teach special education, this movie provided a great, guilty, cathartic
I thoroughly enjoyed the humorous but dead-on portrayals of the various problems with teaching "problem kids", and I really enjoyed seeing the kids get to find themselves when literally stripped of the distractions of material culture.
I found that the language and disturbing situations in the school were not very far off from my experiences in the classroom and hallways. I really have known homeless students. I really have known kids who went out on their own because a parent overdosed and died.
And, on the fantasy end, it was interesting to see the extreme application of brainwashing for a startling new effect. Sure, some scenes stretched credulity... (How do you pretend to shoot a student at point blank range without really killing them?) but I found it great entertainment with a deep truth to the core message of the film.
Although the production quality on the VHS I bought was poor, I intend on buying the DVD so I can watch my favorite scenes - the art scenes and the Heart of Darkness scene - repeatedly.
What a wonderful guilty pleasure. I plan on watching it while grading papers several times a semester!
I saw this one but it had been renamed "Learning Curve" and it's pretty hard to find. Still, it's worth the search if you like cute nymphettes running around in terror with very few clothes on. The cinematography is moody and atmospheric which lends extra punch to the suspense. The actors aren't stars, but most of the main leads have a charismatic charm that plays well in a movie like this. The only thing I wasn't crazy about was the sound editing. In places it was hard to hear some of the dialog but it might just be the print I had. This movie actually has a taut plot, too, so it's not just valuable for its erotic qualities. Maybe I'm no highbrow cinema critic, but I know what I like. This movie was hot, fun and easy to get into.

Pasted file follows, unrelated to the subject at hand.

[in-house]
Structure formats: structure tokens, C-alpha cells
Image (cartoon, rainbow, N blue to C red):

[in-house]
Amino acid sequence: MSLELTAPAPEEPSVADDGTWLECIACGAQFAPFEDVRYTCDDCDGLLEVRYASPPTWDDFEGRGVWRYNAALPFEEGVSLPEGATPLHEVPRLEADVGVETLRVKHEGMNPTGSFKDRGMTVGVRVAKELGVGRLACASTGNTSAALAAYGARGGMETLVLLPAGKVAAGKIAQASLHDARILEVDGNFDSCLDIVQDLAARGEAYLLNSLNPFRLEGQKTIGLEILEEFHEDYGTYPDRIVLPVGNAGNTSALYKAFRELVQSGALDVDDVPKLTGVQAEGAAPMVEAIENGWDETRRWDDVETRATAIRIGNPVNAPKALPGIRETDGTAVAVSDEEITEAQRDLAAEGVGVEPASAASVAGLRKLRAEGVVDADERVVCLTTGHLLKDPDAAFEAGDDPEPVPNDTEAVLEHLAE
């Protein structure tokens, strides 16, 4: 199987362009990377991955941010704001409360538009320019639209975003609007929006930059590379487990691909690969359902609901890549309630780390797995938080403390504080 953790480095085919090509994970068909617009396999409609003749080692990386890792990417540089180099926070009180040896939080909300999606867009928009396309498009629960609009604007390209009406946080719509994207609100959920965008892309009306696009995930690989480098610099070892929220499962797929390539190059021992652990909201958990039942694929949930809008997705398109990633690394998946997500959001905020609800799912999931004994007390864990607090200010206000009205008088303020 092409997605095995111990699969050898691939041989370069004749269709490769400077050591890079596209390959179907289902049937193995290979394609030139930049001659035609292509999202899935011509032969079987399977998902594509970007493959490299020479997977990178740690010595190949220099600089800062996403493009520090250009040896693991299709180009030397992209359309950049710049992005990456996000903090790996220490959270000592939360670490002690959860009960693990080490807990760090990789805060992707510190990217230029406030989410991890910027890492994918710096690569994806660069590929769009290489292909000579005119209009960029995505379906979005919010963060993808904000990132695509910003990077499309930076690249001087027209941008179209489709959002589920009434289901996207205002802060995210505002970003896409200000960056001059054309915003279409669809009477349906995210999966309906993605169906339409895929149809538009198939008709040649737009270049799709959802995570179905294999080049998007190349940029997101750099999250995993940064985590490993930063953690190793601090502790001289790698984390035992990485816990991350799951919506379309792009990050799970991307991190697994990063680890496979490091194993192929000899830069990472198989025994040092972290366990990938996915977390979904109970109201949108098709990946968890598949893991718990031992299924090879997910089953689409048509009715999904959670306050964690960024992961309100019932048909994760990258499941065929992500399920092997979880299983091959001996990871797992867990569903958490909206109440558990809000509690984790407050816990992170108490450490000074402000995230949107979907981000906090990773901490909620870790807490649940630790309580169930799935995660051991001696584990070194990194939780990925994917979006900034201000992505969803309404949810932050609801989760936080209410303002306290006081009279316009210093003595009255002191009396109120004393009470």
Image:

"Detention" is a film that's as smart as it is entertaining. The dialogue
puts the contrived clichés of the average Hollywood films to shame, while
the cleaver plot twist keep the audience guessing right to the pictures end.
(Stay for the credits)
Andy Anderson and his mostly young cast confront the question of school
violence and the crisis in our schools head-on in this dark comedy. The